It’s always a fine line between happiness and despair for a woman approaching her thirties, single. Happy–she’s free like a breeze floating lazily through the window on a summer day, independent of mens underwear grazing her bedroom floor and yellow pee-stained toilet rims that never seem to clean themselves. Despairing in the gifts of–someone to share a Friday evening, and tickle her till she pees her pants while listening to the melodies of Coldplay in the background. No, a twenty something single woman doesn’t long for a man to put bread on the table, or do her bloody laundry, she of course has those things figured out. She’s choreographed the inner workings of her life, not by mere chance of course, but because she’s had to in order to survive, so that they play like a fine tuned piano but the ballad isn’t always sweet. She knows when to unload the dishwasher, feed the dog, vacuum the floors, run the water in the tub for a nice long bath–by herself. But then again, amidst all of this “figured-out-ness” she converses,
I think I’m done trying to meet you, or get you, or whatever. It’s too much work, and I’m not that crafty. I don’t like all the plotting that seems to be involved in finding you. I talk to you. I smile. I try to look nice. I like baseball, politics and a variety of music that doesn’t suck. I’ve pretended to care about Resident Evil and other video games, I’ve watched stupid movies for you, I’ve overlooked various bad habits (i.e. smoking pot, cigarettes, etc.), and I’ve put myself out there for you despite my own discomfort. But what for?
Suddenly she realizes her mistakes. The tweeking that brings such discomfort. How did the happy couple in the coffee shop, the one that finishes each others’ sentences, construct themselves. Do they lie together? He laughs, staring into her eyes, noses inches apart, quickly kissing her brow. If this is a lie then it’s the cruelest kind.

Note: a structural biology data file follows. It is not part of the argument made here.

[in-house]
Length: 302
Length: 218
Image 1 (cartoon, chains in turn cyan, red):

What else can I do within reason? Going to church doesn’t work because you are notoriously awkward there and going to bars doesn’t work because the you that’s real isn’t there.
So, she resorts to placing a pink sticky on note on your door with her phone number. A leap, that’s what she’s told, “you have to take chances.” She only hopes it was the right door. She’s also told to smile, but what differentiates a genuine smirk from a lustful one? And why do you always interpret the later. So she fumbles, tearing bits of a coffee cup, and looks at her fingers, are they manicured? They are, in vain, for you. She walks the condiments aisle in the market buying her tenth bottle of ketchup and eleventh of mustard. You walk by, you’re purchasing some relish because you ran out. You push along with your cart of frozen corndogs. She knows how to cook you know, but you didn’t ask her. Instead she says,
People get dates. It’s one of those things that happens. It just doesn’t happen to me. Maybe I’m supposed to be single right now. Maybe God’s angry with me. Maybe the stars are not aligned properly. Maybe I should have thrown the salt over my right shoulder when it spilled out onto the counter instead of brushing it onto the floor. Who the hell knows.
You who found the pink sticky note. You text elusively as your kind does. Quick answers, always, long passages of time, sometimes months, before your responses surface. She converses again,
I think I’m just going to be single for now. They say that you’ll meet somebody when you least expect it. Hopefully that’s true.
(a revised excerpt from the converse of three twenty something singles)